Authors: André C. Silva, Izabela L. A. Moraes, Elenice M. S. Silva, Carlos M. Silva Filho, Keywords: Froth flotation, Jatropha curcas L., microflotation, selectivity. DOI:10.5281/zenodo.1126846 Abstract: In Brazil, most soils are acidic and low in essential nutrients required for the growth and development of plants, making fertilizers essential for agriculture. As the biggest producer of soy in the world and a major producer of coffee, sugar cane and citrus fruits, Brazil is a large consumer of phosphate. Brazilian’s phosphate ores are predominantly from igneous rocks showing a complex mineralogy, associated with carbonites and oxides, typically iron, silicon and barium. The adopted industrial concentration circuit for this type of ore is a mix between magnetic separation (both low and high field) to remove the magnetic fraction and a froth flotation circuit composed by a reverse flotation of apatite (barite’s flotation) followed by direct flotation circuit (rougher, cleaner and scavenger circuit). Since the 70’s fatty acids obtained from vegetable oils are widely used as lower-cost collectors in apatite froth flotation. This is a very effective approach to the apatite family of minerals, being that this type of collector is both selective and efficient (high recovery). This paper presents Jatropha curcas L. oil (JCO) as a renewable and sustainable source of fatty acids with high selectivity in froth flotation of apatite. JCO is considerably rich in fatty acids such as linoleic, oleic and palmitic acid. The experimental campaign involved 216 tests using a modified Hallimond tube and two different minerals (apatite and quartz). In order to be used as a collector, the oil was saponified. The results found were compared with the synthetic collector, Fotigam 5806 produced by Clariant, which is composed mainly by soy oil. JCO showed the highest selectivity for apatite flotation with cold saponification at pH 8 and concentration of 2.5 mg/L. In this case, the mineral recovery was around 95%.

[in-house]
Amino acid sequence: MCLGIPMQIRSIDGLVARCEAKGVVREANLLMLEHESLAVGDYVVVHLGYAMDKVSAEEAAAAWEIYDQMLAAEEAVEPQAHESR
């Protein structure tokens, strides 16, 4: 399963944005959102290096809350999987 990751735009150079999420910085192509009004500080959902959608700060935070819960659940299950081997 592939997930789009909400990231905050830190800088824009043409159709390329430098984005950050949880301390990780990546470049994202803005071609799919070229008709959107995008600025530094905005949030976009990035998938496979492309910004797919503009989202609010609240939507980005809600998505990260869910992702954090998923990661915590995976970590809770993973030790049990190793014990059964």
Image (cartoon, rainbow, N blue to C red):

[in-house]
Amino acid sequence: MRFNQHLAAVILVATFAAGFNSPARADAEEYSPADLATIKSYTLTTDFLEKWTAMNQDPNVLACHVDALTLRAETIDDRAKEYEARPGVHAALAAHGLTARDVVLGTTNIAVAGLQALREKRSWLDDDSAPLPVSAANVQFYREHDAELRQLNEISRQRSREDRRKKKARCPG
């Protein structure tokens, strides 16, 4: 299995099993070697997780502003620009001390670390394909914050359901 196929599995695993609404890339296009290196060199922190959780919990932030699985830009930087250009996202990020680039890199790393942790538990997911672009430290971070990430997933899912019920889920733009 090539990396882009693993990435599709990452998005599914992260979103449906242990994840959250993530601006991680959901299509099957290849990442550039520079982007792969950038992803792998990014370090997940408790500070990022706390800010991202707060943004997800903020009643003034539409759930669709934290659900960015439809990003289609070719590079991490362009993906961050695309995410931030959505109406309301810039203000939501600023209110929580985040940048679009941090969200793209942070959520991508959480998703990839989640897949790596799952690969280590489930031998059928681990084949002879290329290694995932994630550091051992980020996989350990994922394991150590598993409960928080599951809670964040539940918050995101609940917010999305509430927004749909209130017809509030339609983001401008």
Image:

• Sustainable Control of Taro Beetles via Scoliid Wasps and Metarhizium anisopliae
    Authors: F. O. Faithpraise, J. Idung, C. R. Chatwin, R. C. D. Young, P. Birch, H. Lu, Keywords: Metarhizium anisopliae, Scoliid wasps, Sustainable control, Taro beetles, parasitoids. DOI:10.5281/zenodo.1097355 Abstract: Taro Scarab beetles (Papuana uninodis, Coleoptera: Scarabaeidae) inflict severe damage on important root crops and plants such as Taro or Cocoyam, yam, sweet potatoes, oil palm and coffee tea plants across Africa and Asia resulting in economic hardship and starvation in some nations. Scoliid wasps and Metarhizium anisopliae fungus - bio-control agents; are shown to be able to control the population of Scarab beetle adults and larvae using a newly created simulation model based on non-linear ordinary differential equations that track the populations of the beetle life cycle stages: egg, larva, pupa, adult and the population of the scoliid parasitoid wasps, which attack beetle larvae. In spite of the challenge driven by the longevity of the scarab beetles, the combined effect of the larval wasps and the fungal bio-control agent is able to control and drive down the population of both the adult and the beetle eggs below the environmental carrying capacity within an interval of 120 days, offering the long term prospect of a stable and eco-friendly environment; where the population of scarab beetles is: regulated by parasitoid wasps and beneficial soil saprophytes.

Conferences by Location